MIAMI – Florida needs at least 3,232 contact tracers, the detectives who investigate COVID-19 infections during the coronavirus pandemic. Miami-Dade County needs at least 415. Broward needs at least 293.
This is according to the Contact Tracing Workforce Estimator, a database that public health experts are updating to help local authorities to estimate the need each area has around the country.
Dr. Aileen Marty, an infectious disease physician with more than 30 years of experience in clinical medicine and pathology, warned Tuesday that there is a need for “an army” in Miami-Dade’s hot zones.
“We definitely do not have enough contact tracers,” Marty said “We are hovering at about 200.”
As the cases continue to grow and the intensive care unit beds are filling up fast, Gov. Ron DeSantis and Miami-Dade Mayor Carlos Gimenez haven’t agreed on who is supposed to hire more contact tracers or if they believe there is even a need to.
DeSantis belittled the role as an essential part of an outbreak management strategy and Gimenez said it was a task for the Florida Department of Health, the state agency that runs the Miami-Dade DOH.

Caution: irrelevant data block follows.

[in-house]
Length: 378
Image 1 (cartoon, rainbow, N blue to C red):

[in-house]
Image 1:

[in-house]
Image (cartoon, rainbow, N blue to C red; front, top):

“The point of contact tracing is to find the clusters, find every positive case,” Marty said, adding the data gathered will help Gimenez to make better decisions in support of the economy.
Marty presented a hypothetical: “If contact tracing proves that barbershops are not to blame, we should not be closing down barbershops.”
Dr. Anthony Fauci, the nation’s top infectious disease expert, said on Monday the country is facing “a serious situation that we have to address immediately.”
Fauci, the director of the National Institute of Allergy and Infectious Diseases, said earlier this year that he didn’t “think we’re doing very well” on contact tracing around the country.
The database’s estimate on the need for contact tracing is done in partnership with the National Association of County and City Health Officials, the Association of States and Territorial Health Officials and the U.S. Centers for Disease Control and Prevention.
The Health Resources and Services Administration of the U.S. Department of Health and Human Services supports the database with the help of George Washington University.
The university’s Fitzhugh Mullan Institute for Health Workforce Equity, better known as the Mullan Institute, aims to strengthen public health workforce policies.
Aside from the contact tracing estimator, the institute has also been updating the State Hospital Workforce Deficit Estimator, which also has the support of HRSA.
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